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Report on Small Business newsletter: Small businesses hit by construction losses have limited options

Lil MacPherson, the co-owner of The Wooden monkey restaurant in Halifax, has given up on her legal pursuit of compensation for construction-related business losses.

Darren Calabrese/The Globe and Mail

Reeling from construction-related losses, Halifax small-business owners decry 'legislative void'

The sail-shaped towers of Halifax's Nova Centre will finally fill up with life next month. The sprawling, multiblock downtown office, hotel and convention-centre complex was designed as a metaphor – sails, clear icons of Nova Scotia's economic past, cast in glass on the skyline to guide its economic future.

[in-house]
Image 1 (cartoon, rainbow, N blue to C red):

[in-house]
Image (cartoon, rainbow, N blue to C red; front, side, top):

Some of its neighbouring businesses, though, have given up on the future entirely. Since construction began in 2013, a coalition of local storefront owners have accused the Nova Centre development of cutting their annual revenues by about a third, losses that have so far prompted at least two to move to the city's North End and two more to sell their businesses altogether.

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As the centre prepares for a December opening, almost two years behind schedule, those entrepreneurs have thrown in the towel in their attempt to be compensated for lost business.

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